Autoclaves provide a physical method for disinfection and sterilization. They work with a combination of steam, pressure and time. Autoclaves operate at high temperature and pressure in order to kill microorganisms and spores.
They are used to decontaminate certain biological waste and sterilize media, instruments and lab ware. Regulated medical waste that might contain bacteria, viruses and other biological material are recommended to be inactivated by autoclaving before disposal.

What is the temperature used for autoclave?

The standard temperature for an autoclave is 121 degrees Celsius. To get an idea of how hot this is, consider that corresponds to approximately 250 degrees Fahrenheit. In other words, it is hotter than boiling water. The reason for this is that simply bringing something up to the temperature of boiling water, 100 degrees Celsius (212 degrees Fahrenheit), is not sufficient to sterilize it because bacterial spores can survive this temperature. In contrast, 121 degrees Celsius is almost always sufficient for sterilization.

Why do we use an autoclave at 121°C?

The reason for 121°C and not 120°C is due to how autoclaves work and how they were developed. They sterilize with saturated steam under pressure. Historically, we measure the pressure generated by the steam. Which leads directly to the answer.

Steam power was the basis of industrial process in the 19th century, and to use it safely required monitoring and controlling boiler pressure. Boiler explosions were not uncommon in the early days of steam power. The Bourdon pressure gauge was invented in 1849 and was a robust technology that yielded reliable and accurate measurement of steam pressure.

When Chamberland invented the autoclave in 1879 from Papain’s earlier pressure cooker, it relied exclusively on pressure measurement for control. Not until 1933 were autoclaves produced that monitored temperature at the drain line to confirm that air was exhausted and the steam was truly saturated.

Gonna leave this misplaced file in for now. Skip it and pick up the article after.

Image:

Study of steam engines was the basis for the development of thermodynamics and the kinetic molecular theory of gasses. Although steam is far from an ideal gas, there is a predictable relationship between temperature and pressure in saturated steam as well as well established properties of heat transfer. These can be found on standard engineering steam tables.

Saturated steam is very efficient in transferring heat. This is why scald injuries are so severe compared to simple burns at the same temperatures. It is also how saturated steam kills even heat resistant microorganisms in an autoclave.

One earth atmosphere of pressure at sea level is defined as 14.69 pounds per square inch (psi), though in reality it varies a little bit due to temperature and weather. Because of this variation and because humans using Arabic numerals, arithmetic, and algebra like integer units in 5’s; engineers often think of 1 atmosphere of pressure as 15 psi. This amount of saturated steam pressure is well within the capacities of typical steam boilers. This nice round of 15 psi saturated steam will kill even highly resistant bacterial endospores in about 15 minutes. A very reasonable time frame, and a nice mnemonic: 15 psi for 15 minutes.

The temperature of that 15 psi of saturated steam? 121°C.

And that is why we use a very unusual 121°C for typical autoclaving. It’s because we are really using a rounded one earth atmosphere of steam pressure. And we did so without concern for direct temperature measurement for the first 50 years of autoclave use. In many ways the temperature of the autoclave was of secondary importance.

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